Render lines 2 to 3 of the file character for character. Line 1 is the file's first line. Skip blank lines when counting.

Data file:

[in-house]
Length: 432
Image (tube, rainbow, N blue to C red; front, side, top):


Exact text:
Length: 432
Image (tube, rainbow, N blue to C red; front, side, top):